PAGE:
Suffice it to say that if plaintiffs proved the overt acts set forth in their amended complaint they would not have proved a conspiracy.
Moreover, even if the Court were to torture a conspiracy out of the allegations, plaintiffs would still have failed to state a cause of action. There must be some class-based discriminatory purpose behind an alleged conspiracy to make it actionable under Section 1985.
A Section 1985(3) case arose on a complaint that defendant coal company conspired to interfere with plaintiff's civil rights. Plaintiff was seeking evidence of the coal company's violations of the pollution prohibitions of the Rivers and Harbors Appropriation Act of 1899. While taking photographs of the coal company's discharge into a river to be used in evidence, plaintiff was set upon by employees of defendant and assaulted.
The district court's dismissal of the complaint as failing to state a claim under Section 1985 was affirmed by the Fourth Circuit in Hughes v. Ranger Fuel Corp., 467 F.2d 6 (4th Cir. 1972):
Assuming, without deciding that Section 1985(3) is not restricted to conspiracies motivated solely by racial bias, still Griffin [Griffin v. Breckenridge, 403 U.S. 88, 91 S. Ct. 1790, 29 L. Ed. 2d 338] is clear to the point that such section was not "intended to apply to all tortious conspiratorial interferences with the rights of others" nor was it to be interpreted as establishing, "a general federal tort law. . . ." Accordingly, it is an essential element of any action under the statute as construed in Griffin, that there be in the case "the kind of invidiously discriminating motivation stressed by the sponsors of the limiting amendment." This requires that, "there must be some racial or perhaps otherwise class-based invidiously discriminating animus behind the conspirators' action." It is clear then, that "a complaint alleging purposeful discrimination toward an individual with no allegation of racial or otherwise class-based motivation" is insufficient under Section 1985(3) Id. at 10.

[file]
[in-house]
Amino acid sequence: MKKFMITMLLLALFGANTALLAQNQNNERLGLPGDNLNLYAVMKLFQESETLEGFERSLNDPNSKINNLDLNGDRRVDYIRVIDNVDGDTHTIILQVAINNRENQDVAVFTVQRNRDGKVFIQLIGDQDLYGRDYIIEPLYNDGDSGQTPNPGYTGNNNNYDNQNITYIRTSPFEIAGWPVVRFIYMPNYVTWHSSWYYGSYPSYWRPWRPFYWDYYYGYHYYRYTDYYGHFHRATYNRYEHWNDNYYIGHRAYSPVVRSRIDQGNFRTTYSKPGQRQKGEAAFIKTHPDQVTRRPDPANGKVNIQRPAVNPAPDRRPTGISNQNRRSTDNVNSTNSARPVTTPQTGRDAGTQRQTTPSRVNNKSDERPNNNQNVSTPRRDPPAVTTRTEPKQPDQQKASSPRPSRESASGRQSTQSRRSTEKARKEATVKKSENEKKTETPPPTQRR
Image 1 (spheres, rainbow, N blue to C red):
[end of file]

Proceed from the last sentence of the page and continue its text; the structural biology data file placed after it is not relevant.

The complaint in Hughes alleged section 1985(3) as its basis. If the facts therein be actionable in a federal court, such facts (seeking evidence for court testimony) seem equally to be susceptible to a 1985(2) claim. Similarly, in Bricker v. Crane, 468 F.2d 1228 (1st Cir. 1972), plaintiff therein complained that action was taken against him by defendant because he sometimes testified in court against other doctors in medical malpractice claims. Though his brief made fleeting reference to Section 1985(2) (Id. at 1233), the Court construed it as a § 1985(3) case. Citing Griffin v. Breckenridge, 403 U.S. 88, 91 S. Ct. 1790, 29 L. Ed. 2d 338 (1971), the Court affirmed the district court's conclusion that absent some class-based animus, the allegations of conspiracy are insufficient. Cf. Arnold v. Tiffany, 487 F.2d 216 (9th Cir. 1973); Byrd v. Local Union, 375 F. Supp. 545 (D.Md. 1974).
The Court's research has failed to disclose a decision respecting the applicability of this rule specifically to Section 1985(2). But the reason for the adoption of the Civil Rights Act of 1870 presumably permeates all parts of *48 the Act. If racial animus be read into Section 1985(3) as being an essential element thereof, there can be no reasonable rule of construction that excludes the same animus as an integral part of the immediately preceding and similarly worded subsectionSection 1985(2). There being no racial overtones, it follows that the complaint must be dismissed for failure to state a claim for which relief can be granted.
In reaching a decision herein the Court was unaided by reply brief from plaintiff, none having been filed, and the briefs supporting the several defendants' motions to dismiss were of little benefit to the Court.
An appropriate order shall issue.